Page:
That’s strange, Chelsi thought to herself walking on to the compound of the prov house. A pile of bags and furniture was stacked up by the door. Perhaps one of the new kids didn’t make it to their site, it was a reasonable enough assumption. Chelsi kicked off her shoes and went inside. The tile was cool under her feet. She threw bag down beside the long common table and continued out on to the back porch.
“Hey Chelsi,” Chelsi looked about startled by the voice.
“Oh hey Tom, how are you? When did you get here?” Thomas was a fellow volunteer of her intake, but Chelsi rarely saw him, seeing as he lived in the farthest reaches of the province and didn’t often make his way toward town.
“I’m fine, fine. We got here a few days ago. Because did you hear about what happened at Janelle’s site?”
Chelsi shrugged. She was usually last to get news. “The Mwini crew doesn’t usually keep us Kaondes informed.”
“Well, one the kids that Janelle worked with went crazy.”
“Yeah, he went crazy,” came Janelle’s mousy voice from the kitchen off the porch. “Thomas? Do you want mustard on your sandwich?”
“What?” Tom cocked his head toward the kitchen, “oh yeah, yeah, that’s fine. Yeah, apparently he got in this motorbike accident and hit his head pretty hard, probably gave himself a concussion. And after that was acting kind of strange, and Janelle was telling him, you know ‘just follow advice of the clinic worker,’ and he was telling her that the other people in the village were telling him that he needed to go see the witch doctor. And she was telling him not to go, but of course he went anyway.”
“Naturally,” Chelsi nodded a long with the story.
“Right?” Tom shook his head in agreement of the feeling. “And when he came back he went to Janelle’s house and started telling her that she was a savior, a reincarnation of Christ, and that she needed to sacrifice herself to save him…”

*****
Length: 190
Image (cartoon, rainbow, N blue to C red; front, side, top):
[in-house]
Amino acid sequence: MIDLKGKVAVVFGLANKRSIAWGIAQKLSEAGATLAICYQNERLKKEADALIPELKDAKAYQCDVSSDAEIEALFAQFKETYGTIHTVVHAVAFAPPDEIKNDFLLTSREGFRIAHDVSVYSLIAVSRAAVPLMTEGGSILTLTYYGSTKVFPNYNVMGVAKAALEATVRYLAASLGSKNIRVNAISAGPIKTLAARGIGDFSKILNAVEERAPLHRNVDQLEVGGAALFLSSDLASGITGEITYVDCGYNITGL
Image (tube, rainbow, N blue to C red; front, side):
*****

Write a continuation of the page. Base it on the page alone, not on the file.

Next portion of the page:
“Oh dear,” Chelsi let herself fall in to the adjacent couch, just as Janelle was emerging from the kitchen, balancing two plates in her hand.
“Yeah, he was coming to my house, saying things like ‘Oh I am suffering, but you, you were sent here to save me. You need to sacrifice yourself to save me.’”
“Yeah, and he was making threats against her life, like if she didn’t kill herself, he would have to kill her…”
“So I called Safety & Security, and they were like, ‘a yeah, you can’t stay there.’ So I pulled from my site.”
“Oh, so that’s all your stuff on the porch?” it was all coming together for Chelsi.”
“Yeah, and yeah, so now I’m here…” Janelle let out a nervous chuckle and took a bit of her sandwich.
“It’s really sad too,” Tom continued. “This kid was like, super smart. He was one of the boy Janelle brought to Camp ELITE. He was doing really well in school, spoke great English…” Tom took a bit of his sandwich.
“Well, what do you think happened? Do you think it was just a traumatic brain injury?”
“Yeah that could be part of it.” Tom said, chewing. “We think though too, it might have been something the witch doctor gave him. You know some kind of drug that messed with his brain.”
“Sure, especially if it was already in a fragile state from the accident.” Chelsi leaned her head back and closed her eyes, typical. “So what now? What are the options?”
“I’m trying to move in with Thomas!” Janelle piped up with a smile.
It makes sense. They’ve been together for more than a year and a half now, they’re in the same language group. “What does Admin think about that?”
“Cleopher doesn’t mind, but it’s really just up to the Country Director,” Tom clarified.
“Have you been able to talk to him at all? What does he say?”
“That if we want to live together, we have to get married.” This was said very matter-a-fact-ly.
“Because the alternative is that they give Janelle interrupted service and send her home, it’s too late in the game to be moving her to a new site,” Chelsi added mimicking the somber tone. They couple in question shook their heads, mouths full of sandwich. “So, does this mean we’re planning wedding?”
“We’re going to go the city council office this afternoon and find out.”
Though the circumstances were unfortunate, Chelsi was rather excited by the idea of a wedding. It’s a good reason to make a cake, and splurge for a bottle a sparkling wine… She was so excited by the thought it was difficult for her to concentrate on her work that afternoon. So went Thomas and Janelle returned from town she was jumped on them for the verdict.
“Well, well, well,” Chelsi pushed them excitedly.